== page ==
Part of the appeal of the show is the chance to see amateurs become professionals. It ain't happening
I’m having a hard time staying interested in “American Idol” this year because every season of the show has a couple of master story lines, and this season the producers have tended to one of them while neglecting the other. The first story is “Which of these singers will win?” That one pretty much takes care of itself; it’s autopilot. But the second, vastly more interesting story line, “Watch these amateurs become professionals,” has been a failure.
The remaining finalists all seem like perfectly nice people — I’m sure they all remember to call their parents on their birthdays, and are nice to children and animals — but none of them strike me as headliner material. More like the sorts of people who’d totally kill on karaoke night or during a Sunday morning church performance, and that’s about it.
Did you see the opening Carole King medley on the April 28 show? It was stunningly bad. Absolutely horrible. Every one of the six performers was a failure in pretty much every department. Haley Reinhart with her deer-in-the-headlights look, Scott McCreery’s “Good enough for ‘Glee’” vocal stylings: 1970s variety series performers at their most drunk and distracted had more verve than these two. And when Casey Abrams and James Durbin teamed up to sing/moan, “Once upon a time/This little girl was mine,” from “Take Good Care of My Baby,” a small sacrilege was being committed.
On the April 27 program, there were a few decent moments — Durbin’s “Will You Still Love Me Tomorrow?” with its a cappella opening, was the high point — but there wasn’t a single performance worthy of the very worst big-name performer to cover King in the past. And I was disappointed in judges Steven Tyler, Jennifer Lopez and Randy Jackson for not coming down harder on the singers for basic failures of craft. Jacob Lusk’s version of “Oh No, Not My Baby,” for instance, was enthusiastic (as always) but embarrassingly off-key and boringly choreographed. He’s got a great smile and great energy, and I love his clothes. But those aren’t the kinds of compliments you pay to a great or even good musical performer. They’re what you say about a performer who is almost never on-key.
Bottom line: All these singers have serious rhythm and vocal control problems, none of them have figured out how to move in a natural but exciting way onstage, and there are times where you can almost see them struggling to remember what they are supposed to do with their hands at a particular point in a song. Abrams’ cover of “Hi De Ho” should have gotten him arrested; a cool hat and a lounge-style arrangement do not a good cover make, and between the fake-growly vocal stylings and the frat house talent show flourishes (his “Now lemme tell ya something” at the 1:45 mark in this clip is the opposite of soulful) it required an act of will to avoid looking away from the screen in embarrassment. (Abrams was voted off last week, again. I would add “deservedly” to that, but I don’t want to imply that he was more deserving than the others, none of whom inspires any affection in me — at least not to the same degree as some past “Idol” contestants.)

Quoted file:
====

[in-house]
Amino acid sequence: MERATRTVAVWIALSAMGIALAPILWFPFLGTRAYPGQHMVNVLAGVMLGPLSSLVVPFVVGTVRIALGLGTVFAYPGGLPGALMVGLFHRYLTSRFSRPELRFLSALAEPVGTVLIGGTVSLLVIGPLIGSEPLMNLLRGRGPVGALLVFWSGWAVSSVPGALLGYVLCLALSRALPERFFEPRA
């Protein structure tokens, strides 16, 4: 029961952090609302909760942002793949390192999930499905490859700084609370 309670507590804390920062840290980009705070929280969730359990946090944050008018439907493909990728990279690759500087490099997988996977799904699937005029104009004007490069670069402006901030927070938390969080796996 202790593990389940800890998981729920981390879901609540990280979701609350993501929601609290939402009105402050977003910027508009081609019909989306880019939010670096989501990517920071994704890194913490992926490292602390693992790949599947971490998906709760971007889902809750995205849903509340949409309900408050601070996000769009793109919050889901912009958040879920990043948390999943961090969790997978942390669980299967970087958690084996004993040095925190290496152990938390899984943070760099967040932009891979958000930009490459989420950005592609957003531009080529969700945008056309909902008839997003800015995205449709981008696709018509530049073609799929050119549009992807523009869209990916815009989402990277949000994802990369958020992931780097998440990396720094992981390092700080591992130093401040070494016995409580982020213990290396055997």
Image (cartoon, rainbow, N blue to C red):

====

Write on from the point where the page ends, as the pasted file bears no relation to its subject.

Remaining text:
The most intriguing and frustrating parts of the show are those fleeting moments in introductory montages when a singer tells us why he or she chose a song. We catch glimpses of the singers in rehearsal (with Interscope Records guru Jimmy Iovine and various guest producers/performers) feeling their way through numbers and working on choreography. I’d like to see more emphasis on the rehearsal/coaching process, because it’s clear that’s where the most important dramatic action happens on “Idol” — and because when a performer spends several days working on a number and then goes out onstage and belly-flops, we’d have a better sense of who was responsible if we saw more of the behind-the-scenes prep work. As is, the audience is encouraged to think that it’s all up to the performer and the performer alone — as if it’s all about learning lyrics and then going out there and singing; as if it’s all mystery and magic. It’s more nuts-and-bolts than that, like learning how to box or knit or cook. When “Idol” suggests otherwise, it does performance itself a disservice, and leaves individual performers to twist in the wind.
One of the saving graces of “Idol” has always been its ability to shape talent in a way that maximizes singers’ strong points and minimizes their weaknesses. I’m not seeing as much of that this season, and I have to wonder if when Simon Cowell left, he took his acidic commitment to professionalism with him. I like the judges — especially Steven Tyler — and I still like the material, the arrangements and most of the production design touches. I had a lot of affection for the Top 13 performers back in March and was willing to forgive their awkwardness at that point; the season was barely halfway done and they were still finding their way. But we’re heading into the final stretch of “Idol.” The bell curve of improvement isn’t nearly as steep as it should be. When are the chrysalides going to open up and release the beautiful butterflies?
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